You get your PCB back from the manufacturer. It is a new design, you have of course bread-boarded all the major parts, but you know there are going to be problems. There are just too many things that can cause problems, e.g.:
- Errors in the schematic
- Errors in the layout, not found by the ERC/DRC
- Misplaced parts during soldering
- Shorts and the like during soldering
- any combination of the above
I've had two relatively complex boards lately where I've basically had to de-populate the entire boards after assembly in order to locate the error. I found the errors, but the boards were scrap.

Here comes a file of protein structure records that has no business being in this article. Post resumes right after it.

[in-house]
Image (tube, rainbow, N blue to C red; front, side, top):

I've tried to start with the bare minimum of parts and the parts that can't be hand-soldered (I'm using paste, stencil and toaster). Typically this would be the MCU, the JTAG connector and a few capacitors. Then I'm gradually populating other areas while checking them for problems.
This approach works, but is really slow. I also have to comment out/comment in any code that assumes the presence of some particular hardware.
Does anyone have tips/suggestions on how to approach newly designed PCBs?
EDIT: I'm mainly thinking about the kind of problems that leaves your board dead, like hidden power rail shorts, or anything that bricks the MCU.